Terrorist Designations of Ahmed Diriye and Mahad Karate
The U.S. Department of State has designated Ahmed Diriye and Mahad Karate under Executive Order 13224, which targets terrorists and those providing support to terrorists or acts of terrorism. As a result of this designation, all property subject to U.S. jurisdiction in which Diriye or Karate has any interest is blocked and any assets they may have under U.S. jurisdiction are frozen. U.S. persons are generally prohibited from engaging in any transactions with Diriye or Karate, or to their benefit.
Ahmed Diriye became the leader of al-Shabaab following the death of the group’s former leader, Ahmed Abdi Godane, in September 2014. Prior to replacing Godane, Diriye served in several positions within al-Shabaab, including as Godane’s assistant, the deputy governor of Lower Juba region in 2008, and al-Shabaab’s governor of Bay and Bakool regions in 2009. By 2013, he was a senior adviser to Godane, and served in al-Shabaab’s “Interior Department,” where he oversaw the group’s domestic activity. He shares Godane’s vision for al-Shabaab’s terrorist attacks in Somalia as an element of al-Qa’ida’s greater global aspirations.
Mahad Karate, also known as Abdirahim Mohamed Warsame, played a key role in the Amniyat, the wing of al-Shabaab responsible for the recent attack on Garissa University College in Kenya that resulted in nearly 150 deaths. The Amniyat is al-Shabaab’s intelligence wing, which plays a key role in the execution of suicide attacks and assassinations in Somalia, Kenya, and other countries in the region, and provides logistics and support for al-Shabaab’s terrorist activities.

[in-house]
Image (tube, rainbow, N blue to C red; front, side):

Al-Shabaab was designated as a Foreign Terrorist Organization and a Specially Designated Global Terrorist by the U.S. Department of State on March 18, 2008. The group is responsible for numerous terrorist activities, including several mass-casualty attacks on civilians, like the 2010 Kampala bombing attacks in Uganda, the 2013 Westgate attack in Nairobi, and the recent massacre at Garissa University College in Kenya, which resulted in the deaths of 148 individuals, mostly students.
The Department of State took this action in consultation with the Departments of Justice and Treasury.